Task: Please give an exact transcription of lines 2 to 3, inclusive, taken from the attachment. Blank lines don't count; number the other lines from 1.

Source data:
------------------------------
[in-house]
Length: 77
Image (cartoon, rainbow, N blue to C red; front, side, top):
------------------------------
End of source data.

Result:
Length: 77
Image (cartoon, rainbow, N blue to C red; front, side, top):